PMCID: PMC4054339  PMID: 24719410
22.  New strategies to inhibit KEAP1 and the Cul3-based E3 ubiquitin ligases 
Biochemical Society Transactions  2014;42(Pt 1):103-107.
E3 ubiquitin ligases that direct substrate proteins to the ubiquitin–proteasome system are promising, though largely unexplored drug targets both because of their function and their remarkable specificity. CRLs [Cullin–RING (really interesting new gene) ligases] are the largest group of E3 ligases and function as modular multisubunit complexes constructed around a Cullin-family scaffold protein. The Cul3-based CRLs uniquely assemble with BTB (broad complex/tramtrack/bric-à-brac) proteins that also homodimerize and perform the role of both the Cullin adapter and the substrate-recognition component of the E3. The most prominent member is the BTB–BACK (BTB and C-terminal Kelch)–Kelch protein KEAP1 (Kelch-like ECH-associated protein 1), a master regulator of the oxidative stress response and a potential drug target for common conditions such as diabetes, Alzheimer's disease and Parkinson's disease. Structural characterization of BTB–Cul3 complexes has revealed a number of critical assembly mechanisms, including the binding of an N-terminal Cullin extension to a bihelical ‘3-box’ at the C-terminus of the BTB domain. Improved understanding of the structure of these complexes should contribute significantly to the effort to develop novel therapeutics targeted to CRL3-regulated pathways.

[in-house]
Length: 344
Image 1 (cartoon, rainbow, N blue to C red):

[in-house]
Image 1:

PMCID: PMC3935762  PMID: 24450635
antioxidant response; cancer; cell signalling; degradation; drug design; ubiquitylation; ARE, antioxidant-response element; BACK, BTB and C-terminal Kelch; BTB, broad complex/tramtrack/bric-à-brac; CRL, Cullin–RING ligase; HECT, homologous with E6-associated protein C-terminus; KEAP1, Kelch-like ECH-associated protein 1; KLHL, Kelch-like; MATH, meprin and TRAF (tumour-necrosis-factor-receptor-associated factor) homology; Nrf2, nuclear factor erythroid 2-related factor 2; POZ, pox virus and zinc finger; Rbx, RING box protein; RING, really interesting new gene; SPOP, speckle-type POZ protein
23.  Dysfunctional KEAP1–NRF2 Interaction in Non-Small-Cell Lung Cancer 
PLoS Medicine  2006;3(10):e420.